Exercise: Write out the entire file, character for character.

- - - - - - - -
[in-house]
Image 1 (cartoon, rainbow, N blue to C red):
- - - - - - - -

[in-house]
Image 1 (cartoon, rainbow, N blue to C red):